12.

M. H. Chou, J. Hauden, M. A. Arbore, and M. M. Fejer, “1.5-microm-band wavelength conversion based on difference-frequency generation in LiNbO3 waveguides with integrated coupling structures,” Opt. Lett. 23(13), 1004–1006 (1998). [CrossRef] [PubMed]

13.

G. W. Lu, K. K. Abedin, and T. Miyazaki, “All-Optical RZ-DPSK WDM to RZ-DQPSK Phase Multiplexing Using Four-Wave Mixing in Highly Nonlinear Fiber,” IEEE Photon. Technol. Lett. 19(21), 1699–1701 (2007). [CrossRef]

14.

T. Andersen, K. Hilligsøe, C. Nielsen, J. Thøgersen, K. Hansen, S. Keiding, and J. Larsen, “Continuous-wave wavelength conversion in a photonic crystal fiber with two zero-dispersion wavelengths,” Opt. Express 12(17), 4113–4122 (2004). [CrossRef] [PubMed]

15.

H. Ahmad, N. A. Awang, A. A. Latif, M. Z. Zulkifli, Z. A. Ghani, and S. W. Harun, “Wavelength conversion based on four-wave mixing in a highly nonlinear fiber in ring configuration,” Laser Phys. Lett. 8(10), 742–746 (2011). [CrossRef]

16.

M. A. Foster, A. C. Turner, J. E. Sharping, B. S. Schmidt, M. Lipson, and A. L. Gaeta, “Broad-band optical parametric gain on a silicon photonic chip,” Nature 441(7096), 960–963 (2006). [CrossRef] [PubMed]

17.

R. K. W. Lau, M. Ménard, Y. Okawachi, M. A. Foster, A. C. Turner-Foster, R. Salem, M. Lipson, and A. L. Gaeta, “Continuous-wave mid-infrared frequency conversion in silicon nanowaveguides,” Opt. Lett. 36(7), 1263–1265 (2011). [CrossRef] [PubMed]

18.

Y. H. Kuo, H. Rong, V. Sih, S. Xu, M. Paniccia, and O. Cohen, “Demonstration of wavelength conversion at 40 Gb/s data rate in silicon waveguides,” Opt. Express 14(24), 11721–11726 (2006). [CrossRef] [PubMed]

19.

A. C. Turner-Foster, M. A. Foster, R. Salem, A. L. Gaeta, and M. Lipson, “Frequency conversion over two-thirds of an octave in silicon nanowaveguides,” Opt. Express 18(3), 1904–1908 (2010). [CrossRef] [PubMed]

20.

S. Zlatanovic, J. S. Park, S. Moro, J. M. C. Boggio, I. B. Divliansky, N. Alic, S. Mookherjea, and S. Radic, “Mid-infrared wavelength conversion in silicon waveguides using ultracompact telecom-band-derived pump source,” Nat. Photonics 4(8), 561–564 (2010). [CrossRef]

21.

S. Singh, “Boost up of four wave mixing signal in semiconductor optical amplifier for 40 Gb/s optical frequency conversion,” Opt. Commun. 281(9), 2618–2626 (2008). [CrossRef]

22.

M. Matsuura, O. Raz, F. Gomez-Agis, N. Calabretta, and H. J. S. Dorren, “320 Gbit/s wavelength conversion using four-wave mixing in quantum-dot semiconductor optical amplifiers,” Opt. Lett. 36(15), 2910–2912 (2011). [CrossRef] [PubMed]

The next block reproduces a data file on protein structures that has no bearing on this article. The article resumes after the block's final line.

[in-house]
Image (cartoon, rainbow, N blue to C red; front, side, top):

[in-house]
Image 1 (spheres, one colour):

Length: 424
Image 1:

23.

M. Matsuura and N. Kishi, “High-Speed Wavelength Conversion of RZ-DPSK Signal Using FWM in a Quantum-Dot SOA,” IEEE Photon. Technol. Lett. 23(10), 615–617 (2011). [CrossRef]

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E. Hecht, Optics, 4th ed. (Adison Wesley 2001) Chap. 6.

25.

M. Dinu, F. Quochi, and H. Garcia, “Third-order nonlinearities in silicon at telecom wavelengths,” Appl. Phys. Lett. 82(18), 2954–2956 (2003). [CrossRef]

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A. D. Bristow, N. Rotenberg, and H. M. van Driel, “Two-photon absorption and Kerr coefficients of silicon for 850-2200 nm,” Appl. Phys. Lett. 90(19), 191104 (2007). [CrossRef]

27.

J. B. Driscoll, R. R. Grote, X. P. Liu, J. I. Dadap, N. C. Panoiu, and R. M. Osgood Jr., “Directionally anisotropic Si nanowires: on-chip nonlinear grating devices in uniform waveguides,” Opt. Lett. 36(8), 1416–1418 (2011). [CrossRef] [PubMed]

OCIS Codes
(230.1150) Optical devices : All-optical devices
(060.1155) Fiber optics and optical communications : All-optical networks
(050.5298) Diffraction and gratings : Photonic crystals

ToC Category:
Optical Devices

History
Original Manuscript: August 21, 2012
Revised Manuscript: September 26, 2012
Manuscript Accepted: September 27, 2012
Published: October 5, 2012

Citation
Yongkang Gong, Jungang Huang, Kang Li, Nigel Copner, J. J. Martinez, Leirang Wang, Tao Duan, Wenfu Zhang, and W. H. Loh, "Spoof four-wave mixing for all-optical wavelength conversion," Opt. Express 20, 24030-24037 (2012)
http://www.opticsinfobase.org/oe/abstract.cfm?URI=oe-20-21-24030


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References

  1. S. J. B. Yoo, “Wavelength conversion technologies for WDM network applications,” J. Lightwave Technol. 14(6), 955–966 (1996). [CrossRef]